The nature of a workers’ compensation proceeding is not like the trials shown on television. First, a traditional trial is held before a judge or a jury. There is often a “gallery,” which means the rows of benches where the trial can be observed. If a traditional trial does not finish all in one day, the case typically continues the very next day, or soon thereafter. However, a workers’ compensation claim is a bit different, but does have some similarities. When a claim is made, the attorneys for both sides will try to settle the issues before it has to go to before a judge. Like a traditional case, attorneys may successfully settle all, none, or just some of the issues. For example, in a workers’ compensation case, it may be possible for the attorneys to agree on the fact the injured person was an employee at the time of the incident, and the incident did result in a work-related injury, and then only have to proceed to trial on the remaining issue of degree of disability and related medical issues. If the attorneys are unsuccessful in settling all of the issues, a typical case would proceed to trial before a trial judge or a jury. A workers’ compensation claim, however, will go before the Workers’ Compensation Appeals Board (WCAB). The claim will be tried by a workers’ compensation judge. A jury is not an option in a WCAB proceeding. If the trial does not finish the same day, it is likely that instead of continuing the very next day like a traditional trial, the workers’ compensation matter will not be reconvened until a set day that may be several months away. Like a traditional trial, both sides will be permitted to call witnesses to support their version of events. These witnesses may include co-workers, supervisors, or medical professionals, depending on what issues need to be resolved at the WCAB. After the evidence is completed, the WCAB judge will probably not provide his or her decision on the same day. This is typically called taking something “under submission ” and it often happens in a traditional courtroom, as well. Eventually the judge will make a decision, and the attorneys will receive notice of that decision. If either side is unhappy with the result, they may file an appeal, which is called a “Petition for Reconsideration.” If that occurs, the end of the case will again be delayed.
There are many similarities between traditional court and the WCAB. If you have questions about the differences, I am ready to answer your questions. I am experienced in how to navigate the unique nature of the WCAB and look forward to discussing your case with you. Call me today at (714) 516-8188 for an appointment.
Discovery is a process used in most legal proceedings. This process allows the attorneys for the parties to receive copies of documents the other side has in their possession or control or to obtain statements given under oath. The process can include a variety of different tools, including depositions, interrogatories, requests for admissions, or requests for production of documents. While depositions may be used against other parties as well as witnesses, interrogatories and other written requests for discovery may only be served upon the opposing party. These written instruments may request disclosure of medical history, company policy, copies of disciplinary write-ups or any other document or statement, as long as the request is reasonably designed to lead to admissible evidence. In the event of a workers’ compensation claim, it is not uncommon for an employee’s attorney to demand copies of witness statements that are in the employer’s possession. These witness statements are sometimes discoverable, but can sometimes be protected, at least for a time.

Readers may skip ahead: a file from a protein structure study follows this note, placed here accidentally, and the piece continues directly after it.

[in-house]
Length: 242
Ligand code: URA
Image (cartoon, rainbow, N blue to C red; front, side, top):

An attorney can sometimes claim work product privilege to protect any witness statements from the other side. In order for this to apply, the statement needs to have been taken by the attorney, at the attorney’s own behest. For the witness statement to unconditionally apply, meaning that the statement never would have to be produced, the statement would have to be somehow inextricably linked to the attorney’s own statements that reveal impressions and feelings about the witness and the statement he or she was making. In some situations, recorded statements made by the attorney or at the attorney’s direction could also be protected.
It is up to the party claiming that the witness statement is privileged to make the showing to the court or other tribunal that the witness statement falls under the work product exception in order to invoke this privilege. It does not simply apply automatically.
If a witness or other person creates his own document or statement and sends it to the attorney, the privilege does not apply. The attorney’s simple possession of the document does not automatically make it into the attorney’s work-product, subject to the privilege. The California Supreme Court has also determined that a list of witnesses made by the attorney is likewise not subject to the privilege.
The area of discovery is broad and complex. To discuss how to make sure your witness statements are protected before your case starts, contact me at (714) 516-8188 or email firstname.lastname@example.org. I will be happy to talk with you about your business and how to set up a plan to make sure any statements or documents are protected.